Conditions for these workers has been a source of heated debate. They state that disclosure of the factory names.8% are satisfied with management. verbal abuse.8% of workers reported receiving unwelcome sexual comments.8% had observed. As for wage rates.2% of the workers had personally experienced. with allegations made by campaigns of poor conditions. Other critics have suggested that Nike should publicise all of its factories. They request that people look towards their competitors and see how many of them have taken the kind of measures the company has over the last few years.What are the issues? Nike has around 700 contract factories. She points to a photo published in 1996 showing children in Pakistan stitching Nike footballs as an example of the use of child labour. and 56. accusing them of abandoning countries as they developed better pay and employment rights in favour of countries like China. A further report has been produced relating to a site in Mexico. Nike believe that the sharing with factory locations with independent third parties on a confidential basis enables them to monitor their supply chain properly. where these are less of a cost. and to pick up and respond to issues. plus details of audits of those factories. the following was reported: 30. although a subsequent investigation was unable to confirm this. audits have found that wage rates are above the national legal minimum. In Indonesia. In both cases. within which around 20% of the workers are creating Nike products. but critics contend that this does not actually constitute a fair living wage. They point out that they have not abandoned countries as she claims. They admit that the 1996 photo documented what they describe as a "large mistake" when they began to order soccer balls for the first time from a supplier in Pakistan. Nike has sought to respond to these allegations by putting into place a code of conduct for all of its suppliers. Any auditing carried out by Nike should be made public.3% reported being physically abused. which has experienced serious problems leading to labour disputes. and remain in Taiwan and Korea despite the higher wages and labour rights. Nike feels that establishing what constitutes a "fair" wage is by no means as easy as its critics would have the public believe – and disparages the constant quoting of wage rates in US dollar equivalents. and allow independent inspection to verify conditions there. 73. with commonplace harassment and abuse. What does Nike say? Nike accuses Naomi Klein of peddling inaccurate and old information. Nike are also visibly dismayed at how they have attained the status of lead focus in this area. In addition. would be used by the NGOs simply to make further attacks rather than as part of a dialogue to help the company to address and resolve those problems which exist. By and large. A lot of focus is given to wage rates paid by the company’s suppliers. in her widely read book "No Logo" deals quite extensively with Nike. and 3. The Issue . What do the critics say? Naomi Klein. when these are meaningless given the different cost of living in the countries concerned. They now operate stitching centres where the non-use of child labour can be verified. Far and away. 67. sexual trade practices in recruitment and promotion were reported by at least two workers in each of two different factories. the main concerns expressed by workers relate to their physical working environment. An average of 7. and working with the Global Alliance to review around 21 of these factories.4% of workers are satisfied with their relationship with direct line supervisors. Nike responded to the audit reports with a detailed remediation plan.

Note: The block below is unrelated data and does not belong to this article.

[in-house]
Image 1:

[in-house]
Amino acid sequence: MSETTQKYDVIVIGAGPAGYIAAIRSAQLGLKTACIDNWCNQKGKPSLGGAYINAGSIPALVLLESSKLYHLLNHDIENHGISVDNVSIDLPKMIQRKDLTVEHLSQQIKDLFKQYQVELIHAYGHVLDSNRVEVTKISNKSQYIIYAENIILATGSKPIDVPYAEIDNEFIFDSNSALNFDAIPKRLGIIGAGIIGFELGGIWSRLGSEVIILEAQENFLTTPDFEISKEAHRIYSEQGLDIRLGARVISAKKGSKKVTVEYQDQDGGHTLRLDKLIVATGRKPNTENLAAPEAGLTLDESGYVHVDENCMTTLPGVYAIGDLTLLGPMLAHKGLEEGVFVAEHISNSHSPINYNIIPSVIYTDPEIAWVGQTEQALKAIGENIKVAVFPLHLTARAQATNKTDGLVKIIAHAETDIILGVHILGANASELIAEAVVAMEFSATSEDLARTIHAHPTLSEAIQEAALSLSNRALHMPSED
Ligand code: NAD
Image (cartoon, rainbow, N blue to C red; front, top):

exports from Sialkot brought income of almost US$ 385 million into the Pakistan economy. Pakistan has a population of approximately 1 million and is an important centre for the production of goods for export to international markets. most troubling. While Pakistan has laws against child labor and slavery. Education receives around 3% of the total gross domestic product when compared to over ten times of this amount spent on military. activists all across Canada and the United States were standing in front of Nike outlets. it's important to recognize that . due to the fact that very low priority is given to education in the national budgets. that is Sialkot. In a matter of weeks.S. And yet. Are dolphins becoming more important than children? A question making WTO to reconsider the children's appeal of the third world. Nike knew that it was in trouble. and with the high rate of inflation it becomes difficult for a low income population to survive. Sialkot is thus one of the world’s most important centres for production of sporting goods. but the government carries lack of willingness to do anything about it. like the United States.GATT and WTO prohibits member nations. This fact has been well documented and reported by the international media for several years but nothing has been done about it. Supervisors at a plant in Vietnam apparently beat workers being paid 20 cents an hour and refused to allow them to leave their work posts.Consumer awareness 1996 When the June. Only a boycott by the United States and other nations will have any impact on slavery and child-based industries. Nike chairman Phil Knight also acknowledged that a shipment of soccer balls Nike purchased in Pakistan in the year 1996 was made by a subcontractor using child labor in "horrible conditions.S constitution states that child labor is an illegal and inhumane practice and any U. And. In Pakistan it is clearly documented that child labor is against the law. Cameramen have been pushed out of factory floors. particularly sporting goods. Pakistan has a traditional culture where earning of one person goes on feeding 10 mouths. In 1994.Nike has been accused of using child labor in the production of its soccer balls in Pakistan.900 per year -meaning that a typical person survives barely on $5 per day. from discriminating against the importation of goods made by children. nearly all the soccer balls made in Pakistan have been revealed to be made by young children getting paid just cents a day. 2. gives the clear picture of the existence of child labor in Pakistan. Provision for education is very limited. Child labor is spread all over Pakistan but has the greatest impact in the northwest of punjab province. company found guilty practicing and encouraging it will be prosecuted. Futhermore the U. How it all started . holding up Tariq's photo. The article's lead photograph showed 12-year-old Tariq surrounded by the pieces of a Nike soccer ball which he would spend most of a day stitching together for the grand sum of 60 cents. the government has taken very little action to combat it. Nike has not done an especially good job of scrutinizing the subcontractors with which it's working. This case study will examine the claims and describe the industry and its impact on laborers and their working conditions. Gender and other forms of discrmination plus adding to the lack of political will. Description Brief about the tradition of child labor in Pakistan Pakistan has a per-capita income of $1. 1996 issue of Life magazine carried an article about child labor in Pakistan. And that's nonot all. Child labor exists in Sialkot both in the export sector and the domestic sector. Indonesian labor organizers has been put behind bars." Although 1996 was the first year in which real public attention was focused on Nike's labor practices abroad. Nor has it been open about its labor practices in the way public companies should be expected to be.